Skip to main content

Making pensions
fit for automatic enrolment

Making progress on a long-term issue such as pensions policy sometimes does not sit well with a five-year political cycle. Happily, the introduction of automatic enrolment into workplace pensions has been an exception to that rule. The policy was formed under a Labour government in the early 2000s, went live during a Conservative / Lib Dem Coalition in 2012, and completed its first phase in a Conservative administration in 2019.

Although implementation was led by the DWP, no policy can survive without the buy-in of the Treasury. Getting AE up and running passed this test because the Treasury could see that without action it could face large bills for means-tested support for people in retirement. A steady decline in pension coverage in the private sector provided the ‘burning platform’ which helped AE to answer the two questions necessary for any policy to be adopted – ‘why this?’ and ‘why now?’.

Whilst the primary legislation for AE was already in place in 2010, it was far from a finished product. One of my first actions as minister for pensions was to establish an independent ‘making automatic enrolment work’ review, chaired by Paul Johnson of the Institute for Fiscal Studies. The review reported the same year and almost all of its recommendations were implemented.

One flaw with the design of AE was that workers had to be enrolled as soon as they earned above the lower earnings limit for National Insurance, with mandatory contributions applying from that level. Where someone happened to earn just one pound a year above the threshold, their employer would have to set up a pension for them and pay in one penny a year (based on the initial employer contribution of 1 per cent). There would have been a huge outcry from employers and the media the first time this happened, and the whole policy could have fallen into disrepute.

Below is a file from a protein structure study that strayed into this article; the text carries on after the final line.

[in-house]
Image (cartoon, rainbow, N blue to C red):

Something which shocked me about the design of AE that I inherited was the almost complete
lack of quality standards on AE schemes

Partly for this reason, the review recommended having a separate ‘earnings trigger’ – now set at £10,000 – below which workers would not have to be enrolled. But the band of qualifying earnings (to which the mandatory 8 per cent rate applies) would remain the same, starting at the lower earnings limit. This removed the risk of employers having to set up a pension only for a derisory amount to be paid in. It also meant that people who didn’t earn much more than the state pension would not face deductions from their wages in order to top up an income in retirement of a broadly similar level.

An equally important outcome of the review was that it rejected calls to exclude the smallest employers altogether. Parts of the Conservative Party were never comfortable with AE, and those responsible for deregulation often had AE in their sights. For this same reason, the rollout of AE to firms employing less than 50 people was nudged back post the 2015 General Election. Fortunately, as I had hoped, the momentum behind AE was by this point unstoppable and the rollout was completed.

Something which shocked me about the design of AE that I inherited was the almost complete lack of quality standards on AE schemes. While large firms could probably be trusted to ‘choose well’ on behalf of their workers, not every employer would necessarily have the time or inclination to shop around. For this reason, the charge cap of 0.75 per cent was developed, a measure which was controversial at the time but is now generally accepted.

Given that AE was a relatively novel concept in the UK, it was necessary to increase awareness of the policy, especially among the employers who would have to implement it. The main publicity was the highly successful ‘we’re all in’ media campaign which featured household name employers in TV adverts endorsing the policy and reinforcing the ‘behavioural norm’ that when you employ someone you also put them in a pension.

I remain proud to have played a part in what is widely seen as one of the most successful public policy interventions of recent years. But I also feel a tinge of sadness that the successful first phase has been followed by nearly five years of limbo. The ‘burning platform’ of declining levels of workplace pension saving has been ameliorated but not solved, and we now need a renewed sense of urgency to make sure that AE does not become a job ‘half done’.

Close Menu